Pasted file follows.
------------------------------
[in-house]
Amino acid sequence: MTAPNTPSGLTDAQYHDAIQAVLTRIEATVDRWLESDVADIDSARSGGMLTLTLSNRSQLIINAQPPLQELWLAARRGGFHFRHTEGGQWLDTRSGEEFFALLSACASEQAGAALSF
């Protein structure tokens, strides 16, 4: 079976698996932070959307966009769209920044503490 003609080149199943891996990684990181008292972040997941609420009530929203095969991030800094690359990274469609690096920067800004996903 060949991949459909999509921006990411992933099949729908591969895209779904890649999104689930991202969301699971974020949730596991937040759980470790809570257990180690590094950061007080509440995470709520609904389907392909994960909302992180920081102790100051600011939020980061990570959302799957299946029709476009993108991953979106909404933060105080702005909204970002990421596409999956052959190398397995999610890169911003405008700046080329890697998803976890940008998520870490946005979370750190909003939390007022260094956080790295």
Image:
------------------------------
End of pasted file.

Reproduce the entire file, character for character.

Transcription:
[in-house]
Amino acid sequence: MTAPNTPSGLTDAQYHDAIQAVLTRIEATVDRWLESDVADIDSARSGGMLTLTLSNRSQLIINAQPPLQELWLAARRGGFHFRHTEGGQWLDTRSGEEFFALLSACASEQAGAALSF
């Protein structure tokens, strides 16, 4: 079976698996932070959307966009769209920044503490 003609080149199943891996990684990181008292972040997941609420009530929203095969991030800094690359990274469609690096920067800004996903 060949991949459909999509921006990411992933099949729908591969895209779904890649999104689930991202969301699971974020949730596991937040759980470790809570257990180690590094950061007080509440995470709520609904389907392909994960909302992180920081102790100051600011939020980061990570959302799957299946029709476009993108991953979106909404933060105080702005909204970002990421596409999956052959190398397995999610890169911003405008700046080329890697998803976890940008998520870490946005979370750190909003939390007022260094956080790295």
Image: